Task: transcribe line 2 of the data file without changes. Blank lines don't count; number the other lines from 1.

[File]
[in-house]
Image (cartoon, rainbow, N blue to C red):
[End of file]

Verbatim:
Image (cartoon, rainbow, N blue to C red):